Better off Friends

Page 4


Or maybe she feels sorry for you, the negative me said.
She doesn’t know, the positive me spoke up. This wasn’t the same thing as a non-friend suddenly paying attention to you or offering a shoulder to cry on, or bringing over a casserole that was nothing your mother would have ever, ever cooked for you.
Uncle Adam and I got into his car. He always made sure I was buckled up properly before he turned on the ignition.
“Everything okay?” He looked at me intently.
“Yeah,” I said, even though I had no idea how to feel about what had just happened. I didn’t really like unexpected turns. I’d had more than my share by that point.
Adam looked so sad. “Your mother loved picking you up from school.”
I nodded, which was pretty much the only response I had whenever anybody brought her up.
A tear started trickling down his face. “You look so much like her.”
I’d been getting used to this. I loved that I looked like my mother. I had her big hazel eyes, heart-shaped face, and wavy auburn hair that turned strawberry blond in the summer.
But I was also that mirror girl, the walking reminder of what we all had lost.
I closed my eyes, took a deep breath, and promised myself: In fifteen minutes, you can work on algebra homework. In fifteen minutes, you’ll have a reprieve. Get through these next fifteen minutes and you’ll be fine.
Do you really think my mom offered to give you a ride out of pity?
Not anymore. Now I know your mom is the definition of incredible.
Like mother, like son.
Oh, please.
But you admit you only invited me to sit with you at lunch out of pity.
See, you’re supposed to lie and say you wanted to hang out with me because you thought I was beyond cool.
So you want me to lie?
Um, yeah. Friends lie to make each other feel better. You didn’t know that?
Have I told you that you look really cute today?
Thanks, I — Wait a second.
I was upset when my parents first told me we were moving to Wisconsin. Like, why did I have to totally give up my friends and my life because Dad got a big promotion? Why couldn’t we have stayed in Santa Monica, where the weather was sweet and the waves were sick?
But then I realized I could have a fresh start. I always used to be jealous when a new guy came to our school. He’d get all this attention. He was a mystery. He could be anybody. So maybe moving would be good. I’d be the stranger from a strange land. What girl could resist that?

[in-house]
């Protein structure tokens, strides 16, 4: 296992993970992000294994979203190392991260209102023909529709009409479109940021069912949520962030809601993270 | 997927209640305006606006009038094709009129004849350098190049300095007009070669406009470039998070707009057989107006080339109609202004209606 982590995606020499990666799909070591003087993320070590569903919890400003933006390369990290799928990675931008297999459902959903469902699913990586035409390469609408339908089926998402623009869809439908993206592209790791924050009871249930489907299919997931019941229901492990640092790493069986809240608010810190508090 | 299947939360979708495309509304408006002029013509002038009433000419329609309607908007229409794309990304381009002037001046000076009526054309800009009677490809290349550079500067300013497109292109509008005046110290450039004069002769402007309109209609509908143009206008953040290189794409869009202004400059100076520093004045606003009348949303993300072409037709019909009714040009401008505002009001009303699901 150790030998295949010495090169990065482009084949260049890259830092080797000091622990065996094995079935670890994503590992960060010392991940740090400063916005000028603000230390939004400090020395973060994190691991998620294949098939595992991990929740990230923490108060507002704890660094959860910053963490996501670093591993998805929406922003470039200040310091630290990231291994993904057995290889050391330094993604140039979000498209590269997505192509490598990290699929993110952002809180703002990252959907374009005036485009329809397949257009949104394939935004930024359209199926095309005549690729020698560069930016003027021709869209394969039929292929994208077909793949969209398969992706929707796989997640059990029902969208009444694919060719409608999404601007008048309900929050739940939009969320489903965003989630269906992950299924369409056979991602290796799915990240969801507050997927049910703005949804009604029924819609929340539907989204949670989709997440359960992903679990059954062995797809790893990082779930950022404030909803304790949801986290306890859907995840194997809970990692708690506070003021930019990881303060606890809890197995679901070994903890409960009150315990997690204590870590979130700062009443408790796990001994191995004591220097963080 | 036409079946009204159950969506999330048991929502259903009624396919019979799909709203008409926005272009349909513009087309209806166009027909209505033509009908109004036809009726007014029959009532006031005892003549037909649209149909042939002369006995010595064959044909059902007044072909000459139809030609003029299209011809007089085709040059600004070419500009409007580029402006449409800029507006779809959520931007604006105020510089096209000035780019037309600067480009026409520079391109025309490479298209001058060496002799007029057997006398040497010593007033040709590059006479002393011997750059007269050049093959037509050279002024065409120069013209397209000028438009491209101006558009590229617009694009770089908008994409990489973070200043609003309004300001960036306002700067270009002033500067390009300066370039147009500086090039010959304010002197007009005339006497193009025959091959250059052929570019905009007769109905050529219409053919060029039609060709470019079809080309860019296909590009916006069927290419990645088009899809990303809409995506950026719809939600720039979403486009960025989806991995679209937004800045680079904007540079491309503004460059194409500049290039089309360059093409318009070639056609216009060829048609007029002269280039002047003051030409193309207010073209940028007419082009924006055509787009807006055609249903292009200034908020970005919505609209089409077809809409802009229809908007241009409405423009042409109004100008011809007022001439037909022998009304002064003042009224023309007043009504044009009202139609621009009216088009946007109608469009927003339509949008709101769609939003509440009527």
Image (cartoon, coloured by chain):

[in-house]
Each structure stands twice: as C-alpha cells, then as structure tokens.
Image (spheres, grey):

Then I arrived.
First I was excited and nervous when the principal introduced me to Macallan, because she was pretty. Then she made it known within, like, 2.5 seconds that she had no interest in me whatsoever. You could’ve seriously given her a glass of milk and it would’ve been frozen in less than a minute. She was that cold.
So I figured we’d never talk again and I concentrated on the guys at school. Guys are always way more chill than girls anyway.
Right before lunch on my first day, I went up to this group of guys, introduced myself, tried to be calm, cool, and collected. But I’m pretty sure I stank of desperation. I was able to tell right away that Keith, this beast of a guy, was the alpha in our grade. He always had a group of three or four other guys around him, and they were all wearing some sort of Wisconsin team T-shirt. Keith had on a Badgers hoodie and jean shorts. He was close to five foot ten and he towered over everybody, including most of the teachers. He wasn’t skinny and he wasn’t fat; he was just big.
He studied me as I approached him, and said, “What’s your deal?” before I had a chance to introduce myself. I made some small talk and felt like I was on a job interview.
Then I made a fatal error. I should’ve known better.
I admitted to being a Chicago Bears fan.
I’m pretty sure I heard actual hissing.
I figured whatever, they’d tease me, like guys do. That was what I was expecting, hoping. Because if guys teased you, you were kinda in.
But after I grabbed my lunch, not one person would look at me when I went to sit down. They were all too busy catching up with each other to notice the new guy standing there by himself. Instead of being this person everybody wanted to know more about, it was like I had leprosy or something. I kept being told that everybody in Wisconsin was so nice, but that wasn’t the feeling I got. It was more like I was an intruder on their turf. I was only halfway through my first day and I was miserable.
Then Macallan came along.
She totally saved me from the public humiliation of having to eat alone on my first day of school. From then on, I ate with her and her friends.
At first I wasn’t sure what to make of Macallan coming over on Wednesdays after school. The second we got to my house, she opened up whatever homework she had and would sit there and study until her dad came and got her. She only lightened up when I put on Buggy and Floyd. After a few Wednesdays, we started talking some more.
She was pretty cool. Like awesome cool, even though she could sometimes be cold.
One Wednesday, about a month in, she had to stay longer than usual. Mom came back from the store and said, “Macallan, sweetie, your dad just called me. He’s running late, so you’re going to join us for dinner. Hope you like stir-fry.”
Macallan studied Mom from our place at the dining room table as Mom went into the kitchen and started unpacking her groceries. I tried to not laugh as Macallan’s face scrunched up. She always did that when she was studying, be it math or my mom. It was pretty adorable.